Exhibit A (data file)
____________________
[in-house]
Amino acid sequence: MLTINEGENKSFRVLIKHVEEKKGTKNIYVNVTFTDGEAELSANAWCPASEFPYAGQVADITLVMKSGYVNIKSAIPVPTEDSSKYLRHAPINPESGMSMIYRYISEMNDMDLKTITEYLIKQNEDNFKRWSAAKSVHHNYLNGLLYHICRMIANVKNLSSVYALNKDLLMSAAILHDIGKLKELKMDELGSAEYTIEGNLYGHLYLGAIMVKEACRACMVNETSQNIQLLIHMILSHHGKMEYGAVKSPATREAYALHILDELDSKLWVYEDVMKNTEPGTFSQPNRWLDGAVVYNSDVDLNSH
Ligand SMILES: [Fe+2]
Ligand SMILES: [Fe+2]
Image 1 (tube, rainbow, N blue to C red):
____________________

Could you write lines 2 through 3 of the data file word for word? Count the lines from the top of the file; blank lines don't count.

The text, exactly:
Amino acid sequence: MLTINEGENKSFRVLIKHVEEKKGTKNIYVNVTFTDGEAELSANAWCPASEFPYAGQVADITLVMKSGYVNIKSAIPVPTEDSSKYLRHAPINPESGMSMIYRYISEMNDMDLKTITEYLIKQNEDNFKRWSAAKSVHHNYLNGLLYHICRMIANVKNLSSVYALNKDLLMSAAILHDIGKLKELKMDELGSAEYTIEGNLYGHLYLGAIMVKEACRACMVNETSQNIQLLIHMILSHHGKMEYGAVKSPATREAYALHILDELDSKLWVYEDVMKNTEPGTFSQPNRWLDGAVVYNSDVDLNSH
Ligand SMILES: [Fe+2]